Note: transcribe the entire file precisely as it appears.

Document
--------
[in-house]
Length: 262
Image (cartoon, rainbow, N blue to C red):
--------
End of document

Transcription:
[in-house]
Length: 262
Image (cartoon, rainbow, N blue to C red):